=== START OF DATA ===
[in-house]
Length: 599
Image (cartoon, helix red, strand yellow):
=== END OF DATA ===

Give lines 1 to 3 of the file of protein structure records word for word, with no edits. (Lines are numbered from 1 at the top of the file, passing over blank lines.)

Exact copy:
[in-house]
Length: 599
Image (cartoon, helix red, strand yellow):